If you're using a traditional, opportunity-based forecasting model and suffer from erratic forecasts, you should consider a different method that more closely reflects the reality of your sales force. Our research revealed that there are at least three other methods of sales forecasting that return better results in certain situations -- account forecasting, territory forecasting and call forecasting.

Related: Creating a Sales Forecast

Account forecasting

If you have highly concentrated revenue from an account that provides a continual stream of deals, you may find it overwhelming to track each individual deal using an opportunity forecasting model. A more manageable method is to forecast at the account level, tracking the overall volume of business coming from the account. Then look for trends that may foretell future sales results.

For instance: is the volume of business growing or shrinking? Are there changes in the account that will increase or decrease demand for your products? By looking at an account in sum, you avoid getting buried by tracking a wave of individual deals.

Territory forecasting

For companies that have hundreds or thousands of smaller accounts, tracking each stage of every deal is also an unmanageable task that will consume a significant amount of sellers' time. The accuracy of anecdotal forecasts decreases when you have a high number of small accounts because the seller must make an immeasurable number of guesses.

In this case, it makes more sense to create a forecast for the territory in aggregate. Are territory sales trending upward or downward? Is the average spend per customer increasing or decreasing? Don't drive yourself crazy tracking individual deals. Forecasting at a higher level makes more sense than chasing discrete opportunities.

Call forecasting

Many salespeople can close a deal in a single customer interaction. In these cases, sellers don't have a multi-stage process to execute. What matters most is the outcome of each individual sales call.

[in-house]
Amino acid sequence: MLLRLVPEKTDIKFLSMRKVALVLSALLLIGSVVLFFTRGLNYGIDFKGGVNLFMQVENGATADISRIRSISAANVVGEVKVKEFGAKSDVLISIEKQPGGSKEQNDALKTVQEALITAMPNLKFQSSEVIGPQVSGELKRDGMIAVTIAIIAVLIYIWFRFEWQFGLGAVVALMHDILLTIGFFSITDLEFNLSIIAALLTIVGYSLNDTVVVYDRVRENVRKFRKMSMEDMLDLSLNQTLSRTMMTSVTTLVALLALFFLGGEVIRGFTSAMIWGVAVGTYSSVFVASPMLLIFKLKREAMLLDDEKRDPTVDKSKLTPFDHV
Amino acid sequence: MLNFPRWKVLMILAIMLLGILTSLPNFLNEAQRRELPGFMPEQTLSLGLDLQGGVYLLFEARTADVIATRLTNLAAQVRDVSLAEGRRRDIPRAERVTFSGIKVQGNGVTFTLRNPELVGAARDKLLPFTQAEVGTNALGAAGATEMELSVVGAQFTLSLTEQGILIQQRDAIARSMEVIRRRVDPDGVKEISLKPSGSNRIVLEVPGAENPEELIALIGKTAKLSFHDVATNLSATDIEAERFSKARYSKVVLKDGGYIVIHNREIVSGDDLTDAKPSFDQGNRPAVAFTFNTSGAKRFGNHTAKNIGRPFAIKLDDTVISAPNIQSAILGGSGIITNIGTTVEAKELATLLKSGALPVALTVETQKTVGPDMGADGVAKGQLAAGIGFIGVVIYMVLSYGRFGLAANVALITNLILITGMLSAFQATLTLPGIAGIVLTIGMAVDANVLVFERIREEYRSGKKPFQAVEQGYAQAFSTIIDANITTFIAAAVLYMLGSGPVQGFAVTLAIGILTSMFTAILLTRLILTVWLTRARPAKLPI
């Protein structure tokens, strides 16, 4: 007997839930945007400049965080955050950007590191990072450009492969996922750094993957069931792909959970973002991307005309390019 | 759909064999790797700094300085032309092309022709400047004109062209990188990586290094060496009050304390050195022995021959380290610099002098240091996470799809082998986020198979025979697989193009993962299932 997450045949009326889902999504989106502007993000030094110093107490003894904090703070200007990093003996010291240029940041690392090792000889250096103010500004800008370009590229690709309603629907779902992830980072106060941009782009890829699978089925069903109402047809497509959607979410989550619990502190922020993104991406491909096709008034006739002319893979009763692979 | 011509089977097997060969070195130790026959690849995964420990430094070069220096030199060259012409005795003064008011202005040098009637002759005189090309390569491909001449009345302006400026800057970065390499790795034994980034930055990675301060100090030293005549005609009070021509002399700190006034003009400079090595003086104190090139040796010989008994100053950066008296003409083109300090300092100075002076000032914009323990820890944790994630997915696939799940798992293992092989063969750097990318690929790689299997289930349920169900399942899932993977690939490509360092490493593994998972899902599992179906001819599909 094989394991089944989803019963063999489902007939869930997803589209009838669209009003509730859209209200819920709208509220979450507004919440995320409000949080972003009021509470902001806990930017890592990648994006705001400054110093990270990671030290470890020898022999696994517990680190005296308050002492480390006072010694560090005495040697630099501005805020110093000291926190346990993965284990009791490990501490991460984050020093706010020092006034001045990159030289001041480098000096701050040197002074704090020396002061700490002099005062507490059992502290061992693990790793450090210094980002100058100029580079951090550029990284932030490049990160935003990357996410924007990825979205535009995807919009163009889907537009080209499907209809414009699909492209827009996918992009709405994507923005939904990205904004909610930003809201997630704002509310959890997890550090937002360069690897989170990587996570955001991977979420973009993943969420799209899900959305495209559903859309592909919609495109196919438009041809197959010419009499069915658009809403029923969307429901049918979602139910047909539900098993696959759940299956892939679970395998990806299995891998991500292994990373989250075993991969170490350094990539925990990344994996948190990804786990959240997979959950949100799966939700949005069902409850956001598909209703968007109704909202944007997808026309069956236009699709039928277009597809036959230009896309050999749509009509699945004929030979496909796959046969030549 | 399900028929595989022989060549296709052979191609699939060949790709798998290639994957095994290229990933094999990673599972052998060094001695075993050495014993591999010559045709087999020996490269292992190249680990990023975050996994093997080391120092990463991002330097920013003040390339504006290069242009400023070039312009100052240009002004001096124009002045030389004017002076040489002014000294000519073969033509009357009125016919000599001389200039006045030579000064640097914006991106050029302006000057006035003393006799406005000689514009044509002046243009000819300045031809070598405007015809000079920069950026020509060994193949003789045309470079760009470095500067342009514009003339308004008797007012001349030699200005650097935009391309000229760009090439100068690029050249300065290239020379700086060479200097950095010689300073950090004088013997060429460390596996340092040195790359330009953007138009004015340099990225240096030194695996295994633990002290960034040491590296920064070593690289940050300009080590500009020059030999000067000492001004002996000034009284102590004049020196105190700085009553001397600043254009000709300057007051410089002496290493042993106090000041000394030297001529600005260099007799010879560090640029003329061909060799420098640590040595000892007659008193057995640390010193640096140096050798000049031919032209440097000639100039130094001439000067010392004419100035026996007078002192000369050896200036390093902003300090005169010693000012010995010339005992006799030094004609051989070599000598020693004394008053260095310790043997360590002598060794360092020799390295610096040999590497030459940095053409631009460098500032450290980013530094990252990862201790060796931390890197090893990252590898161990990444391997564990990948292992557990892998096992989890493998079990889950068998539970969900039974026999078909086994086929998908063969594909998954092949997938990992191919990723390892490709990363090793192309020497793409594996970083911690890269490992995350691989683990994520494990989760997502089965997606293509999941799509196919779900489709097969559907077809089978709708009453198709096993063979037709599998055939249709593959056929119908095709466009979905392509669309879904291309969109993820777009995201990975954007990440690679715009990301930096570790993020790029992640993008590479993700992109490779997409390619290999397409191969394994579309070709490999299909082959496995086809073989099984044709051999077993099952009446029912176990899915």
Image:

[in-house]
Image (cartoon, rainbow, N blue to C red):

In this case, you might forecast based on the sales call itself. How many calls will a seller make? What is the expected revenue from each call? By examining the sales call, rather than the "opportunity," forecasting is simpler and more accurate.

No doubt, sales forecasting is hard. However, we often make it harder than it should be by using forecasting methods that don't reflect our sales force's reality. Not every salesperson pursues complex, multi-stage deals, so not every salesperson should be forecasting based on a sales pipeline. Depending on the situation, it may make more sense to forecast based on an account, a territory or a collection of transactional sales calls.

If you want better forecasts, there might be a better way. In fact, for 74 percent of you reading this, there probably is.

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Why Your Sales Forecast Is Disconnected From Reality

Related: Five Best Apps to Forecast and Manage Cash Flow

Jason Jordan

Partner at Vantage Point

Jason Jordan is a partner at Vantage Point Performance, a sales-management training and development firm, and co-author of Cracking the Sales Management Code (McGraw-Hill, 2012). Jordan also teaches sales and sales management at the University of Virginia’s Darden Graduate School of Business.